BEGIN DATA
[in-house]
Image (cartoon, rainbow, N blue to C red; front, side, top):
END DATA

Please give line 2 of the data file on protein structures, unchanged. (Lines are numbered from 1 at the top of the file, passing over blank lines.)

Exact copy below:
Image (cartoon, rainbow, N blue to C red; front, side, top):